|Europe: France, Picardie, Somme, Albert Bapaume Area, Warlencourt
|Main Bld: Hall of Valour: Main Hall: Somme to Hindenburg Line
First World War, 1914-1918
Military Cross : Captain P H Cherry, 26 Battalion, AIF
Military Cross. Engraved reverse with recipient's details.
Percy Herbert Cherry was born to John Gawley and Elizabeth (nee Russel) Cherry in Drysdale Victoria on 4 June 1895. The family moved to Tasmania and settled on an orchard, 'Cherry Vale', in Cradoc when he was seven. He attended the local school until he was aged 13 when he was privately tutored. At around this time he joined the cadets, eventually becoming a second lieutenant, and later served in the 93rd Infantry Militia as a lieutenant.
Cherry enlisted on 5 March 1915 in Franklin, Tasmania and was posted to D Company, 26 Battalion as quartermaster-sergeant. He embarked for overseas service on 29 June, arriving on Gallipoli in early September. There he was appointed D Company's sergeant major on 13 September.
On 1 December Cherry was wounded in the face and head by a bomb blast and was evacuated to Egypt. He was appointed second lieutenant on 8 December while convalescing in hospital. Recovering, Cherry was posted to Tel-el-Kebir for machine gun training, which he passed at the beginning of March 1916, and was seconded to the 7th Machine Gun Company (7MGC). He arrived in France with the unit on 21 March and took part in the failed attack against heavily defended German lines at Pozieres on 28/29 July.
Attacking the same objective on August 5 while in command of no. 2 Battery 7MGC, Cherry was severely wounded and evacuated to London. Later that month he was promoted to lieutenant. In December, after returning to France, Cherry was posted back to 26 Battalion. He was appointed the rank of temporary captain, which was confirmed in mid February 1917.
In March 1917, the battalion was involved in the fighting around Warlencourt and the attack on the German lines at Malt Trench. On 2 March, after the allied bombardment failed to clear the wire in front of Cherry's company's objective, he led them to a gap in the wire and entered the German trenches. While leading his men through the wire Cherry was wounded but continued on and personally captured one machine gun and his men another. Cherry then turned the machine guns on the Germans, who fled when they realised they were being pressed from two sides. For this action Percy was awarded the Military Cross. The recommendation for the award reads:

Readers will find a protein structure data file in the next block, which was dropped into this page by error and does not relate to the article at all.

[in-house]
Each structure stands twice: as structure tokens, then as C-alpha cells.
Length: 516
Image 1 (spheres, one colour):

'For conspicuous bravery and gallantry in action. In the attack on MALT TRENCH north of WARLENCOURT on the night 1st/2nd March, 1917 he led his Company with great dash and bravery. The wire was not well out, but he ran along the edge of the entanglements for a distance of about 50 yards until he found an opening, through which he led his men in single file. On entering the trench he met fierce opposition, but he rallied his men and cleared the trench, connecting up with the Companies on his Right and Left. His efforts throughout were most gallant and inspiring, and although he was wounded remained on duty. He captured two enemy machine guns, one of which he personally turned on the enemy.'
On 26 March 1917, Cherry was involved in an operation to capture the village of Lagnicourt by the 7th Brigade. While units successfully surrounded the perimeter, Cherry's company was detailed with clearing the village itself. Overcoming stiff resistance Cherry pushed forward only to find a heavily defended crater in the centre of the town. Not waiting for mortar reinforcements, Cherry captured the position under cover of Lewis Gun and grenade fire.
Reaching the far edge of the village, Cherry dug in his troops in anticipation of enemy counter-attacks. With only about a 100 men, he defended the village against a battalion sized attack throughout the day. Later that afternoon he was killed by a single German shell. For his actions during the taking of Lagnicourt Cherry was awarded the Victoria Cross.
His Victoria Cross and Military Cross were presented to his parents by the Governor of Tasmania, Sir Francis Newdegate in October 1917.